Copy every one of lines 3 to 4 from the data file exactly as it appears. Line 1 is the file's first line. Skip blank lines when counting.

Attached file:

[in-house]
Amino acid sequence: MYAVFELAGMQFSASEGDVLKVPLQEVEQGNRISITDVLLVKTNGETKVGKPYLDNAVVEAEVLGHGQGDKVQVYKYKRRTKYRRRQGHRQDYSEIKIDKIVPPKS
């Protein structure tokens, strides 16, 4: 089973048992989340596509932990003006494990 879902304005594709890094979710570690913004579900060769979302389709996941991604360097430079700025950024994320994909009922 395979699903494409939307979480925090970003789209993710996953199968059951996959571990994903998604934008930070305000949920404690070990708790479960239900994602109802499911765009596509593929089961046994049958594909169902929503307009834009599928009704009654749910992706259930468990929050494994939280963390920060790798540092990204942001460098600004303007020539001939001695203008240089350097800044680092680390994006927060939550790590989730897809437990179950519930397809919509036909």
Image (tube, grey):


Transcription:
């Protein structure tokens, strides 16, 4: 089973048992989340596509932990003006494990 879902304005594709890094979710570690913004579900060769979302389709996941991604360097430079700025950024994320994909009922 395979699903494409939307979480925090970003789209993710996953199968059951996959571990994903998604934008930070305000949920404690070990708790479960239900994602109802499911765009596509593929089961046994049958594909169902929503307009834009599928009704009654749910992706259930468990929050494994939280963390920060790798540092990204942001460098600004303007020539001939001695203008240089350097800044680092680390994006927060939550790590989730897809437990179950519930397809919509036909």
Image (tube, grey):